Alexander I. Spira, MD, PhD, FACP, discusses the results of the phase 1 TROPION-PanTumor01 trial in non–small cell lung cancer.
Alexander I. Spira, MD, PhD, FACP, medical oncologist, director, Virginia Cancer Specialists Research Institute and Phase 1 Trial Program, Virginia Cancer Specialists, and assistant professor of oncology, Johns Hopkins School of Medicine, discusses the results of the phase 1 TROPION-PanTumor01 trial (NCT03401385) in non–small cell lung cancer (NSCLC).
During the 2021 ESMO Congress, preliminary findings from the TROPION-PanTumor01 study were presented, demonstrating antitumor activity with the antibody-drug conjugate (ADC) datopotamab deruxtecan in patients with heavily pretreated advanced or metastatic NSCLC. The overall response rate was 35% in patients with NSCLC and actionable genomic alterations.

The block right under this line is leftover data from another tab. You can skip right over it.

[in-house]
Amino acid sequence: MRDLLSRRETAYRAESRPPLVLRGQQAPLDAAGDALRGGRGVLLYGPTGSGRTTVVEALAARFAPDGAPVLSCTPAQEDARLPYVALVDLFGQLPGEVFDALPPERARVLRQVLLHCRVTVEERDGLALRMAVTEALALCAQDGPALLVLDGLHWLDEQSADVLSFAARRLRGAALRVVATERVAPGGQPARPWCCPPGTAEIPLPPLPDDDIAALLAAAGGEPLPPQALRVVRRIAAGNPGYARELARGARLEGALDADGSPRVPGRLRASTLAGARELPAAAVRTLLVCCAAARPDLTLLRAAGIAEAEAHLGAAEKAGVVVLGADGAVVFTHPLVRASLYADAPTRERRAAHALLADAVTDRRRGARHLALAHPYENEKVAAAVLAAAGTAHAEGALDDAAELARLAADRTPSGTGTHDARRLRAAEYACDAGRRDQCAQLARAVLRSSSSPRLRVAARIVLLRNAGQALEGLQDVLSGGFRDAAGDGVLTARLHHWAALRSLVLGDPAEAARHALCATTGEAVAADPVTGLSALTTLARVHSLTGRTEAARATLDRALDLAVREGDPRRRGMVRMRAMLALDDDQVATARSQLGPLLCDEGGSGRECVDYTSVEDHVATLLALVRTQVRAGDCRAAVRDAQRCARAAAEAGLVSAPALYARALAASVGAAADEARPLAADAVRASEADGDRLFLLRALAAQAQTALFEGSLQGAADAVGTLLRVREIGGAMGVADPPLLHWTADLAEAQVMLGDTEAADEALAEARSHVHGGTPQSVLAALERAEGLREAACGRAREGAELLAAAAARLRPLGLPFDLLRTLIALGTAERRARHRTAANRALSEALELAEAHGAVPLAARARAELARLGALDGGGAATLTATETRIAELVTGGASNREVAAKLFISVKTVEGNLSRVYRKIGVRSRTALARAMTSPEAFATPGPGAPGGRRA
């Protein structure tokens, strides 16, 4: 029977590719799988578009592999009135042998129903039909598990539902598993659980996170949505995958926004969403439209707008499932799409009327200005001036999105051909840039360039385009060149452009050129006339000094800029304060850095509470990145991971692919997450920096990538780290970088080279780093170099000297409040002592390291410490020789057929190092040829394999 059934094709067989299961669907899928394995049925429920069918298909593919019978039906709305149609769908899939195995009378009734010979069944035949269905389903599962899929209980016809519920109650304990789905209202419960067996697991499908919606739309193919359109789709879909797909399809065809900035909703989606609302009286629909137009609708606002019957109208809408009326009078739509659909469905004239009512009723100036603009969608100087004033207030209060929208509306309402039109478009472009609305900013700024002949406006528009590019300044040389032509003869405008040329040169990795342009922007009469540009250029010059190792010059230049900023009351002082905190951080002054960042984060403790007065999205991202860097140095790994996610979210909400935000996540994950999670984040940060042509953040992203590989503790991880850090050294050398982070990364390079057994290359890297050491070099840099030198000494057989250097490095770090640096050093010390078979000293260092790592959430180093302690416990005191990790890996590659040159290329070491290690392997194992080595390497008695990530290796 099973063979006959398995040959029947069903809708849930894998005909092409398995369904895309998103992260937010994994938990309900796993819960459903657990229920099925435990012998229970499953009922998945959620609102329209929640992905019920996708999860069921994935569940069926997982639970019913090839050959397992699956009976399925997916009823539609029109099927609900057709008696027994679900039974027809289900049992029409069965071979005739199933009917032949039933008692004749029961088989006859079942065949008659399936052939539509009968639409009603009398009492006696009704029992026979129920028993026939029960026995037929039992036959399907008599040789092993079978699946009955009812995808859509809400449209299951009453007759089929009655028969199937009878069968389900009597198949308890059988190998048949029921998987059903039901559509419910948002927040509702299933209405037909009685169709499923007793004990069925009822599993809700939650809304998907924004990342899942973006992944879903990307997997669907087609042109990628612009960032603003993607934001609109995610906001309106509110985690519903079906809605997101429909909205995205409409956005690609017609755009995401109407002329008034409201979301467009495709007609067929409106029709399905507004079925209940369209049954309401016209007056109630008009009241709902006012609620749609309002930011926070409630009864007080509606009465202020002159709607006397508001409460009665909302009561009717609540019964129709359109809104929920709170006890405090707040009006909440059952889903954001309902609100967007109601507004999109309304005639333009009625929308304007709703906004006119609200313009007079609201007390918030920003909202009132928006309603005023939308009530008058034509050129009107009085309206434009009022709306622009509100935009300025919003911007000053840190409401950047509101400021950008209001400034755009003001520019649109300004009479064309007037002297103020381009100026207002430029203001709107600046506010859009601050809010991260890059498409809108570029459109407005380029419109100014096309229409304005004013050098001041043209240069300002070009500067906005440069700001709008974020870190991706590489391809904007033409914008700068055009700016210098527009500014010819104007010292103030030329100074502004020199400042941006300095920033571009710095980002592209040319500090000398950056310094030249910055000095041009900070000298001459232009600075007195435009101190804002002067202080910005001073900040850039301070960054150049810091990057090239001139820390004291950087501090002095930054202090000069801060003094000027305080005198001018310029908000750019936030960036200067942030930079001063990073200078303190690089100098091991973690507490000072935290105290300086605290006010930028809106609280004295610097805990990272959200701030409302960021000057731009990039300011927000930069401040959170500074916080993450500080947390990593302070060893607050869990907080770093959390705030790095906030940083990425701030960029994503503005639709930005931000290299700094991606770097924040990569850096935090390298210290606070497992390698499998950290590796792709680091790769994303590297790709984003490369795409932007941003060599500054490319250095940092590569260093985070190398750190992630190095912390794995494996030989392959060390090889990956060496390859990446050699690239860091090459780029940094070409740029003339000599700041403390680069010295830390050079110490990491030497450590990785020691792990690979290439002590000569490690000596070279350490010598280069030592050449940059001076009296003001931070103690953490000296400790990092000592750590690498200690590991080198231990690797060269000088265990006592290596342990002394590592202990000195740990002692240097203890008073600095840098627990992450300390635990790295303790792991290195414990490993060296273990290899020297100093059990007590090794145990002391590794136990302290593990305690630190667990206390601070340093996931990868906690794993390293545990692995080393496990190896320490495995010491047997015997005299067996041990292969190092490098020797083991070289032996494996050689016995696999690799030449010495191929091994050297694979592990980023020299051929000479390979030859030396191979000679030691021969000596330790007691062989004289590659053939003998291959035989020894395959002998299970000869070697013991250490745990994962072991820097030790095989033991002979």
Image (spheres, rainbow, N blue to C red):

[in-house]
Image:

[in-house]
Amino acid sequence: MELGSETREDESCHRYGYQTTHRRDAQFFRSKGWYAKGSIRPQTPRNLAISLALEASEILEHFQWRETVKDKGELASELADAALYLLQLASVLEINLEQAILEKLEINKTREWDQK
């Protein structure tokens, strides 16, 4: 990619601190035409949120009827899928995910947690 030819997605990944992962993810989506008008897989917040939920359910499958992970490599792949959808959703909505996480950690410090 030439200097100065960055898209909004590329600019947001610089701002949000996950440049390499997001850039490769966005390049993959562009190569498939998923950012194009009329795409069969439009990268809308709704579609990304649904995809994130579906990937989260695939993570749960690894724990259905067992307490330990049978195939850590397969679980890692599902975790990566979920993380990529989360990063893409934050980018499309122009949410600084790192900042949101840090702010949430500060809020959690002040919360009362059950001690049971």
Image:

Datopotamab deruxtecan was effective irrespective of TROP2 expression, indicating that TROP2 expression will not be an effective biomarker of response, Spira says. Additionally, the efficacy observed in patients with driver mutations may not be directly related to the mutations but rather an independent factor of datopotamab deruxtecan’s efficacy.
Similar to other ADCs, datopotamab deruxtecan is associated with a risk of pneumonitis that requires close monitoring, Spira adds.
The phase 2 TROPION-Lung05 trial (NCT04484142) is ongoing, evaluating datopotamab deruxtecan in patients with actionable genomic alterations after targeted therapy and platinum-based chemotherapy. Additionally, the ongoing phase 3 TROPION-LUNG01 trial (NCT04656652) is randomizing patients with previously treated advanced or metastatic NSCLC without actionable genomic alterations to datopotamab deruxtecan vs docetaxel, Spira concludes.
This activity is funded in part by Daiichi Sankyo. Content independently produced by OncLive.